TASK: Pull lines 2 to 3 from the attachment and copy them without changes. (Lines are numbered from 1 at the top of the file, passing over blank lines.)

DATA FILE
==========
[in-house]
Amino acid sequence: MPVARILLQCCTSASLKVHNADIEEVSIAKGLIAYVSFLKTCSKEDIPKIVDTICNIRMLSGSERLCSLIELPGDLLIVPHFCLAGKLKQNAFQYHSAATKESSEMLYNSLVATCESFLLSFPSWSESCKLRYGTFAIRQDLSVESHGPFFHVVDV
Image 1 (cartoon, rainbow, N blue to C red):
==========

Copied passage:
Amino acid sequence: MPVARILLQCCTSASLKVHNADIEEVSIAKGLIAYVSFLKTCSKEDIPKIVDTICNIRMLSGSERLCSLIELPGDLLIVPHFCLAGKLKQNAFQYHSAATKESSEMLYNSLVATCESFLLSFPSWSESCKLRYGTFAIRQDLSVESHGPFFHVVDV
Image 1 (cartoon, rainbow, N blue to C red):